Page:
Commercial Bond

Definition - What does Commercial Bond mean?

A commercial bond is a type of surety bond that serves the purpose of guaranteeing the credibility of business people and making sure they follow the laws governing their field. If a person believes that they have been the victim a commercial bond holder failing to follow the laws, then they can file a claim with the surety from whom the bond holder purchased the bond. In this way, the surety acts as an insurer.

Insuranceopedia explains Commercial Bond

Commercial bonds are basically a form of insurance that hedges against losses caused by unqualified business people or by qualified business people who don't follow the law. For example, a contractor may find that a client files a claim against him for allegedly not following proper contracting laws. In this case, the surety would pay the claim if it was found to be legitimate. Examples of commercial bonds include license and permit bonds, public official bonds, and probate and other court bonds.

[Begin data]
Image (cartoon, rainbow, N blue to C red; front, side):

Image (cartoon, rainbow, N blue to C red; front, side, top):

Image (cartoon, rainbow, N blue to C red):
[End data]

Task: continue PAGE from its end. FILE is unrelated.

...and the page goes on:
Connect with us

Insuranceopedia on Linkedin
Insuranceopedia on Linkedin
Tweat cdn.insuranceopedia.com
"Insuranceopedia" on Twitter


'@insuranceopedia'
Sign up for Insuranceopedia's Free Newsletter!